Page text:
Firstly: there have been 5 editions of D&D that I’ve played, and each has had a different take on Stealth.
Simple BECMI, AD&D, and AD&D second edition used surprise checks, thief skills, and (for the last one) nonweapon proficiencies like Camouflage.
These each worked differently and had different assumptions and effects.
The surprise check was rolled at the start of combat and modified for perceptive elves, who also had a 90% chance to take a for unawares (ditto hobbits).
The thief skill Hide in Shadows ditto, some percent chance to vanish, and ditto Move Silently.
Nobody knows how Camouflage worked.
D&D 3e and 4e used a more regular skill system, with various levels of specificity; every point invested in Hide or Stealth or Spot or Perception was a point not spent on Lute Playing or Ancient History.
It’s an odd grab-bag of things we’ve taken to bundling under this skill-umbrella: stealth, but not speed, spellcraft but not the spells themselves, diplomacy but not swordplay.
Bah, says I. 3e got skills wrong, and 4e doubled down on the error.
There’s a lot of interesting little rules-widgets mired in these so-called skill systems. I’ll talk about some others later, today I’m mourning stealth.
Pre-3e got this right.
Or, to put it another way, this isn’t a skill so much as a rules widget, a subsystem, a minigame.
It happens before combat as characters evade patrols. It happens in combat as Rogues go for the sneak attack. It happens in social situations as spies eavesdrop, and exploration as hobbits dodge nazgul. Monsters like to hide, pit traps are hidden.
Rules of thumb:
Reuse components. The last-ditch passive roll you make to avoid getting ganked is a saving throw — a perception save, let’s call it.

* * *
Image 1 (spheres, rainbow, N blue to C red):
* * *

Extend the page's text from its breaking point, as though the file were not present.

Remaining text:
And you obviously do get a save, since getting caught by surprise is no good. By waiting to roll until the strike, you maximize the drama: yay.
Like attack rolls, have the active participant roll. That’s the sneaker usually, in movies. Ignoring that last-ditch save-yourself thing, anyway, it is: so they make saving throws against revealing themselves (at dramatic “they might reveal themselves” moments). These are kind of all-or-nothing, which means you needn’t track complex webs of who is aware of whom: fail a save, you made a noise/scent/sight. Detectors detect this with some radius based on wisdom, etc, and know there’s something somewhere even if not sure what.
This can also be the party rogue, rolling to avoid alerting the monsters…
When the active participant is the seeker, they should be rewarded. The math should be such that spending a round looking is a good thing that gives you something to go on, not a waste of time.
Finally, failing a search roll should only allow reroll in vastly changed circu
mstances: adding additional heads or time should allow success against some super-linear formula. Double the searchers or the time, add 2 to the total result. Something like that.